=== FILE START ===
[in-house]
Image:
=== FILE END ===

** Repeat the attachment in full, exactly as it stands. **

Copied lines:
[in-house]
Image: